Chapter Fifteen: I See You
The first week of Rachel's recovery went by slower than I'd imagined it would. Her dads were in and out as was Kurt, and Quinn called or skyped nearly every night, but I was with Rachel practically every minute. I was there for every high and every low, as I intended to be throughout her entire recovery. I bathed her. I clothed her. I changed her bandages. I held her every night as she slept. I soothed her after every nightmare. I wiped every tear when she broke down afterward. I stayed up talking with her about anything and everything when she couldn't get back to sleep. I reminded her that she was beautiful every time she felt insecure. I reminded her that she was safe every time she felt afraid. I was there—every day, every night. I was there.
And god help me, it only made me fall more in love with her.
I learned more about Rachel Berry in that one week than I had ever learned about her in the entirety of the time I'd known her. She was so much more complex than I'd ever imagined, so much more than everyone had always labeled her to be. Outside of her talent and the confidence that supported it, outside of her loud mouth and extremely verbose manner of speaking, and outside of her quirky fashion sense and veganism, Rachel was surprising and…so beautiful. She could be so timid at times with a quiet stillness and shyness about her that made my heart flutter madly in my chest. She was colorful and layered, but also often black and white in a way that reminded me of those old-ass classic romance movies, because there was a drama about her even when she wasn't being dramatic. It was in the very way that she breathed, as if every breath and every word and every glance was a shocking secret or a precious declaration. I couldn't make any sense of it, but I knew that I wanted more of it.
She was gentle and compassionate, affectionate in ways that reached in and clutched at my soul. She talked to me about her dreams and about her fears. She told me one night that it wasn't the idea of never having Broadway that terrified her as much as it was the idea of her voice ever failing her. She said that her voice was the only thing she had in her life that was always consistent, always there for her, always rich and satisfying, always soothing, always hopeful, always confident, always able to make her feel full and complete and happy—her voice was the one thing that no one could ever put her down about. When she sang, she wasn't some Lima loser. She wasn't the girl in animal sweaters or the nerdy kid that everyone threw slushies at and made fun of. She wasn't a freak. No, when she sang, she said she felt like a star. She felt special. When Rachel Berry sang, there was no one more beautiful, more present, or more worthy of people's love, attention, and affection. She felt truly seen, like for once in her life, she mattered.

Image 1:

She had cried when she told me that, and my heart had ached in my chest as I cried with her, because I knew that I had been a part of what had always made her feel so invisible and so worthless. It pained me like few things ever had. We had lain in her bed together as the words came out of her in a cracked, whispered confession, and I just held her, wanting nothing more than to show her that she was special, always, and not just when she was singing.
She locked gazes with me in the dark that night and I swallowed thickly as she stared right through me, straight into my heart. "You're not singing right now," I whispered to her.
"What do you mean?" she asked me softly, her voice still broken.
I reached over and squeezed her hand tightly before saying, "You're not singing right now, but I still see you. You're still beautiful and…and you still matter to me."
I heard her suck in a shaky breath when I said those words and I wanted to say more, but before I could even open my mouth, I felt her hand on my cheek. It rested there softly as her thumb stroked over my bottom lip and her watery gaze never left mine. "You matter to me, too, Santana," she whispered back to me, and I knew that no words anyone had ever said to me before had ever or could ever mean more than those words, spoken by the only person I truly wanted to hear them from—the girl I had so suddenly and so helplessly and so beautifully fallen in love with.
Rachel would touch me like that sometimes, just a tender brush of her fingertips on my cheek or my arm, or lacing our fingers together, or gently resting her head on my chest or against my shoulder. She would touch me like that, and it always felt so intimate and so…I don't know…epic? That sounds so lame and dramatic, but it's the best I can manage, because it's true. When she touched me like that, all whispers of skin and silent safety, it was like sharing secrets. I had to hold my breath because I was terrified that if I let it out, if I spoke, if I moved, she would run—just scurry away from me like a scared animal. I had to hold my breath because I could feel her touch in every part of me. I had to hold my breath because if I didn't, if I didn't stop myself…I just knew my heart would betray me. It would fly right out of my mouth and confess what I was trying so desperately to keep hidden, not because I didn't want Rachel to know, but because I knew it would just be too much for her right now.